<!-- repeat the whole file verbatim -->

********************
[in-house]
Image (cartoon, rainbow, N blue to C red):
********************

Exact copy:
[in-house]
Image (cartoon, rainbow, N blue to C red):